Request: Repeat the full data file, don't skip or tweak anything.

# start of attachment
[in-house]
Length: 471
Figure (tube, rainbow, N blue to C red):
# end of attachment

[in-house]
Length: 471
Figure (tube, rainbow, N blue to C red):